Both performances make demands to the viewer. The first one expects him/her to stay and piece the scenes together, the second one expects him/her to go over the action once again in his/her head in order to work out how the notions of “doubt”, “the universe” and “art” fit in. Intense viewing combined with reflection along the way vs. relaxed viewing followed by reflection. Retroactive reflection in both cases: reconstructing the performance again and again in your head as new layers are added to it, reconstructing it afterwards on the basis of the words supplied by it after the performance has lifted its spell. If performance really is characterized by the fact that it only happens once, like performance theorists used to claim, it is the spectator’s time, not the run-time of the actual performance. If it only happens once, it happens in a strange, broken kind of time that encompasses memory and reflection as much as it does actual experience.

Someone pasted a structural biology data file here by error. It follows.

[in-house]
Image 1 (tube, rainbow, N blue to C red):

Did the audience comment on this? Not really. Some merely answered "I don't know" when I asked them what they thought of the performances. Some of the less taciturn ones confessed to being frustrated about the lack of narrative in the performances. But among the most talkative ones I did notice a tendency to want to confirm their readings with the artist or, if s/he didn't happen to be around, with me. It may for a long time have been an item of faith among performance theorists that a performance happens in its own time, but it was equally common to point out that performance happens in the viewer's space. I am tempted to conclude that that space, just like performance time, is strange and broken. That these viewers wanted to ask the artist means that they were aware of the latter's presence as a human being, but it also means that they saw him/her as the key to the work in the Modernist sense. A direct line between the artist and the viewer, yes, but one with a big kink in the middle.

To be continued.